News ID: 275671
Published: 0345 GMT October 18, 2020

Thai protesters defy ban on rallies for fourth day

Thai protesters defy ban on rallies for fourth day

Thousands of protesters took over a major Bangkok intersection on Sunday with posters bearing the faces of arrested activists, defying a ban on gatherings for the fourth day with chants of “down with dictatorship” and “reform the monarchy.”

The youth-led movement has suffered several blows this week, with scores arrested after demonstrators surrounded a royal motorcade and flashed a pro-democracy salute to Queen Suthida during a Wednesday protest, AFP wrote.

The government reacted by imposing "serious" emergency measures banning gatherings of more than four and allowing for the arrest of protest leaders, many of whom are calling for the removal of Prime Minister Prayuth Chan-ocha, a former military chief first came to power in a 2014 coup.

Police also deployed water cannon against unarmed demonstrators on Friday in Bangkok's central shopping district in an escalation of tactics that drew outrage across Thai society.

But the crackdown has emboldened the movement's mostly young supporters who have turned up in large numbers to daily guerrilla protests around Bangkok.

The locations are announced an hour before to outwit authorities, who shut down much of the city's Skytrain and underground rail services to discourage people from joining in.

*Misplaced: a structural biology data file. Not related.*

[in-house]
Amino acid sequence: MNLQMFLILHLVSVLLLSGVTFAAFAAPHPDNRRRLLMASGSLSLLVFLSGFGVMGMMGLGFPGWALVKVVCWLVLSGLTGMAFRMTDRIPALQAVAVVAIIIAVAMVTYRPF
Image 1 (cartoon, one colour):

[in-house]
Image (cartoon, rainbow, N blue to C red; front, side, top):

Thousands descended on the major traffic thoroughfare shouting "Free our friends" while carrying posters of arrested activists.

Among their demands is the abolition of a draconian royal defamation law – which shields King Maha Vajiralongkorn from criticism – and a call for the monarch to stay out of the country's turbulent politics.

Once-taboo in Thailand, the issue of royal reform demanded by protesters is one of the biggest challenges facing the kingdom's military-aligned government.

The social media-savvy protesters have also harnessed unorthodox ways of spreading their messages, sending alerts through newly formed groups on Telegram – a secure messaging app – and taken tips from Hong Kong's protests.

Across town in Asok, a popular shopping and restaurant district, a smaller group of protesters gathered and practiced hand signals to warn each other if authorities were to issue another severe crackdown.

National Police spokesman Yingyos Thepjumnong warned protesters earlier Sunday that no rallies "causing unrest and disorder" would be allowed.

"If they defy it, police will do whatever is necessary to enforce the law," he said.





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